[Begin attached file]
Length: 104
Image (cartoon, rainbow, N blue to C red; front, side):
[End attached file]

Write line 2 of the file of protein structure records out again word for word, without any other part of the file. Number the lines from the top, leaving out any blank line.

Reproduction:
Image (cartoon, rainbow, N blue to C red; front, side):